into aquifers. In some parts of the Southwest, sewage effluent may constitute the major portion of streamflow (Stanford, 1997), making the management of such streams problematic (see Box 3.4). In most parts of the country, the effluent is discharged into reservoirs and rivers that serve as drinking water sources for people living downstream. The effluent may also be used for irrigation and industrial purposes.
In non-seaward urban and rural areas, wastewater is treated on-site septic systems. Increasingly stringent public health codes and inspections are reducing the ground water and surface water pollution caused by these systems. However, in many places, septic systems are still placed too close to the ground water table, leading to ground water pollution, or in soils that are too thin, allowing the effluent to move along bedrock into springs and streams.
Industrial wastes (heat, chemical, infectious agents, and radiation) are treated prior to release into the waters of the United States. Some industries pretreat their wastewater and then release it into the wastewater treatment system. Other industries treat the waste themselves to National Pollution Discharge Elimination System (NPDES) permit standards prior to releasing it into streams and rivers. The 1995 Toxic Release Inventory Report (TRI) shows that 630,000 tons of toxins were released into the waters of the United States and 120,000 tons transferred to wastewater treatment plants (USEPA, 1997).
Air emissions from industrial sources carry many pollutants. These airborne pollutants fall directly into the rivers and lakes ("dry fall") or are collected by precipitation and brought to earth. Sulfur oxides from burning of coals have been implicated in acid precipitation, which has heavily affected both terrestrial and aquatic ecosystems. Many streams of the Northeast, where poorly buffered acidic soils predominate, have been rendered sterile. Air currents have carried pollutants, including DDT, dioxins, and other carcinogens, into all parts of the globe, so that there are no places that do not have measurable concentrations of these and other toxic chemicals. The TRI data for 1995 show a release of approximately 631,000 tons of toxic chemicals into the air (USEPA, 1997). Some of these chemicals eventually get into the water, although many are retained in the soils.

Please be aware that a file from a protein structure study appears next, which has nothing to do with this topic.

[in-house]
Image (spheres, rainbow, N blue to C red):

Feedlots are important point sources of pollution from agriculture. They may range from isolated barnlots for small herds to very large feeding areas where thousands of animals are kept in relatively small areas. The runoff from feedlots is toxic, high in biochemical oxygen demand (BOD), looks and smells bad, and carries a high load of nitrogen and phosphorus. Confined feeding operations must now treat their wastewater, but problems remain.
Mining can create both sediment and chemical pollution. Environmental laws have greatly curtailed impacts from present-day mining, but past mining activity has left a harsh legacy. In areas of high relief, spoil from mining often was sufficient to aggrade streams and floodplains, while clearing of forests for ore smelting caused stream erosion elsewhere (Graf, 1979). Perhaps the most dramatic example of mining impacts was from hydraulic mining for gold in